SUGAR HILL -- Sugar Hill has joined a quickly increasing number of cities contemplating putting Sunday package alcohol sales to vote by residents.
With minimal discussion at its monthly work session Tuesday night, the Sugar Hill City Council decided to vote at its monthly public meeting Monday to proceed with Councilman Marc Cohen's proposal of a ballot measure for residents' vote in November.
Still allowing only beer and wine sales, the proposed ordinance will expand sale from 7 a.m. to midnight Monday through Saturday to include Sunday sales from 12:30 to 11:30 p.m.
State government gave municipalities the choice to vote on Sunday sales beginning last Friday, and Cohen wanted Gwinnett County's third largest city to be among the leaders on the issue.
"We're a progressive city, and I want us to be in the forefront," he said. "Since the legislature has given cities the opportunity to allow Sunday sales, I felt it was important to open it up to our residents. I see it as an opportunity for us. Why have all that tax revenue bypass our city and go elsewhere? It helps our pro business stance, too."
Cohen, who said he knew only of seven cities but no counties that have proposed referendums, spoke at the council's May planning session of his interest in a vote on Sunday sale.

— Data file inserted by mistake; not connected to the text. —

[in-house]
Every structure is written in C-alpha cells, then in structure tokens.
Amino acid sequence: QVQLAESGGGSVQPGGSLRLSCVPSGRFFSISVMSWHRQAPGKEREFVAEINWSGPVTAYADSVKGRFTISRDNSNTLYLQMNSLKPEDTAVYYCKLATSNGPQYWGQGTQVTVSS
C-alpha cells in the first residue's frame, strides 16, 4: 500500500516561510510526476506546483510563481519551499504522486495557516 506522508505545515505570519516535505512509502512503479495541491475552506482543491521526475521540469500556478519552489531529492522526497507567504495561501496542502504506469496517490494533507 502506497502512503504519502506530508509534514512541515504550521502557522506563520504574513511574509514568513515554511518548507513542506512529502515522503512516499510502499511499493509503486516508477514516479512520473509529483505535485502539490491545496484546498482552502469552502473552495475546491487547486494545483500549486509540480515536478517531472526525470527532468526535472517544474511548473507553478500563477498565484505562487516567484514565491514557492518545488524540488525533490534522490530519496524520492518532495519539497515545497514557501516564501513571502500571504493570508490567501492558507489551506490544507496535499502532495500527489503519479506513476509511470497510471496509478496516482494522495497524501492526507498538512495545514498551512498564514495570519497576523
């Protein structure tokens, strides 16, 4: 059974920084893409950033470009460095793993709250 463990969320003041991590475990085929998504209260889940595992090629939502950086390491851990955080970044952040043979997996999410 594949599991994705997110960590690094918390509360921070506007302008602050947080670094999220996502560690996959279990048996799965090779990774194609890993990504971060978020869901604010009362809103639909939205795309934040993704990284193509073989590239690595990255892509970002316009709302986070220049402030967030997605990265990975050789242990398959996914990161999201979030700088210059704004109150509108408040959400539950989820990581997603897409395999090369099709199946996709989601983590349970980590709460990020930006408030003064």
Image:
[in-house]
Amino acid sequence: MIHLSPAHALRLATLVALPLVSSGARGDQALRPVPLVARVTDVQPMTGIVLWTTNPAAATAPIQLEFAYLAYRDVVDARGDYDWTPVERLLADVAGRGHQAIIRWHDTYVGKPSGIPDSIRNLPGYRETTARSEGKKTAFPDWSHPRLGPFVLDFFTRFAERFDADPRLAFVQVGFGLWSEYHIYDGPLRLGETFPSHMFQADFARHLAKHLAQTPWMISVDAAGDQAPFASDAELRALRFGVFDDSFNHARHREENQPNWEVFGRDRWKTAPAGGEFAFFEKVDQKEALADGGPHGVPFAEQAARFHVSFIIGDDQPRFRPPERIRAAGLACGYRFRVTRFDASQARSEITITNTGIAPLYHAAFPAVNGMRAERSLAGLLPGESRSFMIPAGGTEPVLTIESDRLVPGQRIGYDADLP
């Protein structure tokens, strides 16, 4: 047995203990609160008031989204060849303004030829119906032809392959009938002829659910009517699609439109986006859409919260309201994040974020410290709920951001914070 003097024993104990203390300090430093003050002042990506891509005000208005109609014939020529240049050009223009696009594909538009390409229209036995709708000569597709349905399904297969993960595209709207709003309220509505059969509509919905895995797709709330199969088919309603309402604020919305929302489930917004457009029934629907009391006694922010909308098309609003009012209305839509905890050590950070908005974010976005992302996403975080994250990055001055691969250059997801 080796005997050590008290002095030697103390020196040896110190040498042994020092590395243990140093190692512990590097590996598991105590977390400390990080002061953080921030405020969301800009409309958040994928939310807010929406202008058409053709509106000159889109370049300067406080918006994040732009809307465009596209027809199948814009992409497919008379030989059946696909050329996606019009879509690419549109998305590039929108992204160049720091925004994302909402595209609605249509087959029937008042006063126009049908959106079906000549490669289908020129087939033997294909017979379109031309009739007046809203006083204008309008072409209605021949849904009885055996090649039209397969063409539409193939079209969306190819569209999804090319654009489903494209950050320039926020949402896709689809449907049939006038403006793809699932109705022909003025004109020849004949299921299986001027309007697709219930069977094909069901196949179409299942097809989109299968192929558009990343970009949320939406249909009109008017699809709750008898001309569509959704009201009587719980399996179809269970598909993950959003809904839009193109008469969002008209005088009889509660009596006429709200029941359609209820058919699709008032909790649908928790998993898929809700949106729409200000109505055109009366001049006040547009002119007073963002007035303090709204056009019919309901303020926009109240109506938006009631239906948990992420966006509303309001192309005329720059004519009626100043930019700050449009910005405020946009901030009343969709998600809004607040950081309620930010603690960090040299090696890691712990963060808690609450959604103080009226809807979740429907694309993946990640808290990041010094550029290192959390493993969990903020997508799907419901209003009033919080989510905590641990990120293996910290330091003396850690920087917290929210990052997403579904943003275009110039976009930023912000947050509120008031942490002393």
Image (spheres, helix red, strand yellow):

"Personally, I don't drink, but there are plenty of people who do," he had said. "And if they want to on Sunday, I don't want to be the one to stop them."
Mayor Gary Pirkle spoke against Sunday sales in May, but Councilmen Mike Sullivan and Curtis Northrup shared Cohen's desire to let voters decide.
"I don't think we have anyone in the community suffering from lack of alcohol," Pirkle had said. "I don't see where it's going to lend anything to our city."
The city also:
* Held two of three public hearings Tuesday morning and evening and plans to hold its third at Monday's council meeting to announce plans to hold its millage rate at 3.8 for the 2011 budget year. Despite losing more than $200,000 in property tax revenue in 2010 and an estimated $230,000 this year, the city has chosen not to raise the rate for a 14th consecutive year. City Manager Bob Hail recalled the rate once having been reduced in his 10 years with the city, but having held steady since.
"The economy has caused our citizens much concern and loss of buying power," Hail read from his memo to the council. "I do not recommend placing an additional burden on our citizens by increasing the tax millage rate to keep City tax revenues level. The city has adjusted its 2011 budget to operate within these reduced tax revenues."
* Discussed instituting a $500 fee to inspect mobile homes before their relocation to the city. Currently, Sugar Hill charges $175 for inspection after homes' relocation, but prior inspection would save owners of unsuitable homes the likely higher cost of initial relocation and subsequent removal.